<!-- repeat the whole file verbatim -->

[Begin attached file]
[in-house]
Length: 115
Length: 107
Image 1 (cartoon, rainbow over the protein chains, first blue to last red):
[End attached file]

[in-house]
Length: 115
Length: 107
Image 1 (cartoon, rainbow over the protein chains, first blue to last red):